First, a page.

Further comparisons among groups in males matched for age, BMI and ESS score are performed in eTable 1. Tibetans also had higher AHI, obstructive AHI and longer mean or longest OAH duration compared to Hans, while no difference in ESS score and percentage of patient with high risk of OSA. Another comparison matched for age, BMI and AHI, Tibetan OSA patients consistently presented longer mean (22.0 seconds vs 19.1 seconds, p = 0.002) and longest OAH duration (58.5 seconds vs 45.5 seconds, p = 0.031) with lower nadir oxygen saturation despite similar AHI compared to Han counterparts (eTable 1). The summary of respiratory and oxygen saturation parameters in three separate comparisons is shown in Figure 2.

Figure 2 Individual values, medians and quartiles of apnea/hypopnea index (AHI), mean obstructive apnea/hypopnea (OAH) duration, mean nocturnal oxygen saturation (SpO2) and oxygen desaturation index (ODI) in all patients (n=42 in Tibetan, n=44 in Han) (A), patients matched for age, body mass index (BMI) and Epworth sleepiness score (n=20 for each group) (B) and patients matched for age, BMI and AHI (n=18 for each group) (C).

Abbreviations: AHI, apnea/hypopnea index; OAH, obstructive apnea and hypopnea; ODI, oxygen desaturation index; SpO2, oxygen saturation; BMI, body mass index; ESS, Epworth sleepiness scale.

The multivariable linear regression analysis to assess the association among OSA severity, heart rate and blood pressure is shown in eTable 2. There was an approximately 0.9 beat/min and 0.8 beat/min increase in mean heart rate during REM (p = 0.017) and NREM sleep (p = 0.024) with every 10/h increase in total AHI, respectively (all p < 0.05). The evening and morning systolic blood pressure also presented a 2.0 mmHg increase with every 10/h increase in total AHI (p < 0.05).


This was the first prospective observational study using polysomnography to explore the characteristics of sleep apnea and clinical outcomes in Tibetans and Hans with snoring and/or witnessed apnea referred for evaluation of suspected OSA living at an altitude of 3200 meters. We found a significantly higher AHI, longer mean and longest apnea duration and lower oxygen saturation in Tibetans than Hans. Similar results were found in further comparisons matched for age, BMI and ESS score and in comparisons matched for age, BMI and AHI. Further analysis found that Tibetan ethnicity and high-altitude living duration were positive predictors of AHI and mean OAH duration. Linear regression analysis revealed an approximately 1 beat/min and 2 mmHg increase in mean heart rate during sleep and systolic blood pressure with 10/h increase in AHI. These findings suggest that Tibetan OSA patients had more severe OSA and worse clinical outcomes at an altitude of 3200 meters compared to Hans.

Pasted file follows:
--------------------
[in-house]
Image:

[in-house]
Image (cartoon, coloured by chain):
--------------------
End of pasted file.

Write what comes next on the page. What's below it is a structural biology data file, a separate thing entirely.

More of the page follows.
Previous studies have found a higher prevalence of OSA or OSA-related symptoms at higher altitudes.10,11 The prevalence was much higher in patients with chronic diseases, such as pulmonary hypertension, cardiovascular disease, and chronic mountain sickness compared to those without at high altitude.12,13,30 One hospital-based study including patients who underwent PSG in Lhasa (altitude of 3658 m) also evaluated the OSA severity in Tibetans and Hans with a similar age and higher BMI compared to our study. The study in Lhasa found a trend of lower AHI in Tibetans (27.3/h vs 34.5/h, p = 0.054) compared to Han counterparts.31 However, in our study, we found Tibetan OSA patients had higher AHI with predominantly higher obstructive AHI than Han counterparts at 3200 meters even after controlling for confounding factors. There are two potential explanations for this. First, Tibetans had larger neck circumference, higher waist–hip ratio and higher percentage of participants with tongue hypertrophy compared to Hans that were associated with higher AHI.32,33 Correspondingly, regression analysis confirmed that the neck circumference was a predictor of AHI. The larger neck circumference and higher waist–hip ratio may be related to the high intake of salt, meat, fat and alcohol and low intake of fruit and vegetables in Tibetans,34–36 reflected in the higher percentage of patients taking tea with butter in our study. Second, one study found that Tibetans presented more periodic breathing at a simulated altitude of 5000 meters which indicated that they have instability of ventilation control during sleep37 although no significant difference in periodic breathing was found in our study. Ventilation control instability was a risk factor of OSA,38 which may contribute to the higher AHI in Tibetan OSA patients in our study; however, this needs to be confirmed in further studies.